‘Father Comes Home From the Wars’ and an Absent Freedom

This piece was co-written by Chicago actor/director Wardell Julius Clark and Regina Victor.

Father Comes Home From The Wars opened at the Goodman Theatre in what can only be categorized as a seismic explosion of a production, excellent on all fronts.

Under the persuasively specific direction of Niegel Smith, Suzan-Lori Parks’ three-part black civil war saga spilled over the audience like the heightened spirits of our ancestors that loom at our backs to remind us of the past and question our future. It is inspired undoubtedly by the great Greek dramas of the past, with character names like Homer (who is given a fiery portrayal by Jaime Lincoln Smith), Oddsee (Odyssey Dog) and Penny (Penelope).

The central question of the three part play is What is Freedom? Who can attain it? And is Freedom even enough after the poison of white supremacy and systemic oppression, have guided, controlled, and infiltrated every area of our lives? Parks struggles with the predicament of the colonized mind by setting this epic during the Civil War. The main character Hero, aptly named for his journey, wants to escape slavery and sees an opportunity to do so by accompanying his master to war. The problem is, he’d be fighting for the Confederacy. Hero’s moral dilemma launches the audience on a journey of self-reflection and invites us to ponder who and what we’d sacrifice for our own freedom.  Hero, played by Kamal Angelo Bolden, gives what can only be called a Tour de force performance as he decides whether or not to follow his Boss Master the colonel into the Confederate Army, having been promised his freedom in return.

“The Chorus of Less Than Desirable Slaves,” on the plantation who try to help Hero make his choice are Leader (Jacqueline Williams), the oldest old man (Ernest Perry, Jr.), Second, (Sydney Charles), Third (Ron Conner), and Fourth (Michael Pogue). Each ensemble member deserves to be listed for their spectacular performance and their part in setting up the world and style of the play we are about to see. Linda Cho’s elegant costuming is simple yet instructive as patterns literally tell us who onstage is cut from which cloth. The play opens with Leader giving Second a hilariously long tirade demonstrating the breath control of a classically skilled actor and letting us know just how vast the journey is that we’re going to embark upon. Sydney Charles presents male as Second, and interesting directorial choice that establishes her as a versatile performer and Chicago staple.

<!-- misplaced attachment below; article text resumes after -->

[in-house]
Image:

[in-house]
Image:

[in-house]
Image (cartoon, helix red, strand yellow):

In part 1, “The Measure of a Man” we are made aware that Hero has committed a grevious betrayal, and in a staging that is totally unique to black greek culture and african roots, the chorus began stepping choreography that shows the extent of the betrayal. Each person has their own rhythm, fitting into a whole, from which Hero is painfully excluded.  It is one of several glimpses we get throughout the night, that this production is told through our unique black lens and resonates for us deeply and personally. It is the direction of Niegel Smith that gives this play its vulnerability and its dignity. Through a use of gesture he lets us see the unspoken language that we imagine slaves may have had as they navigated a world where they could not always speak their mind. This language of gesture reappears through a more starkly structured Greek chorus of runaway slaves consisting of Tyrone Phillips, Nicole Michelle Haskins, and Bernard Gilbert. Haskins and Phillips are stars to watch that have been seen all over Chicago, and Gilbert recently had a formidable turn in Northlight Theatre’s Skeleton Crew. Honorable mention also goes to BrittneyLove Smith’s hilarious and heartwarming portrayal of Odyssey Dog, her specific physical choices and Cho’s costuming indicate a dog without taking away the dignity of the actor.

It is rare that we see a production with so many fine Black actors of all ages.  There is one choice to have a Black character portrayed by a white man which, though it’s requested by the playwright, ultimately made that piece of the narrative disingenuous for this writer (Regina Victor). Otherwise, the casting of this production creates hope for the future of Black artists in Chicago, and acknowledges the legacy of fine work that has been done before we were even a thought.  This production of Father Comes Home From the Wars is an ambitious and stunning piece of our legacy, and you should not miss it.

Photos by Liz Lauren
Director – Niegel Smith
Playwright – Suzan-Lori Parks
Hero – Kamal Angelo Bolden
Colonel – William Dick
Penny – Aimé Donna Kelly
Homer – Jaime Lincoln Smith
Narrator / Musician – Melody Angel
Second – Sydney Charles
Third – Ronald L. Conner
Runaway – James Bernard Gilbert II
Runaway – Nicole Michelle Haskins
Runaway – Tyrone Phillips
Ernest Perry Jr. – The Oldest Old Man
Fourth – Michael Aaron Pogue
Odyssey Dog – BrittneyLove Smith
Smith – Demetrios Troy
Leader – Jacqueline Williams

BIAS ALERT: We Black, so we know alladem.


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